BOSTON — These Los Angeles Lakers, more aptly called the Los Angeles Lakers Light, never had a chance. Not here. Not with that scrawny group. Not now.
The Boston Celtics are world champions for the 17th time, and the formula pretty much remained the same.
They were bigger, better, stronger and, maybe most important of all, they wanted it more.
There is something to be said for desire and we saw that last night, 131-92, at the TD Banknorth Garden.
There was no need for a Kevin McHale-like clothesline on any of these Lakers the past two weeks. A few pushes here, a few shoves there did the trick.
The message was sent during the first two games in Boston. The Celtics were tougher and tougher wins championships.
Every Celtics regular had a piece in last night's clincher, from Eddie House's seven points in nine first-half minutes, to P.J. Brown's six points to James Posey's two 3-pointers to Rajon Rondo's 21 points, 9 assists and 6 steals and Kendrick Perkins' defense (Pau Gasol only scored 11).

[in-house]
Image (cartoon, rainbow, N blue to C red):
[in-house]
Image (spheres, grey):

But this beauty belonged to the guys who really made it happen, Paul Pierce, Kevin Garnett and Ray Allen. That's right, "The Big Three." It's a moniker this newest version earned. You win a championship, well, you are Big with a capital "B."
Lakers coach Phil Jackson said the key to beating the Celtics was slowing at least one of the trio. A Mack Truck wouldn't have succeeded last night.
Garnett, answering his brain-cramp from Game 5, scored 26 and pulled in a game-high 14 rebounds. Allen hit a playoff-high seven 3-pointers en route to 26 points of his own. And Pierce, the NBA finals MVP, had nine first-half assists when the score mattered a little bit.
But their points, assists and rebounds were an afterthought. They triple-handedly brought back Celtics Pride. They brought a defensive mentality — not in our house! — that defined this franchise since Nov. 2.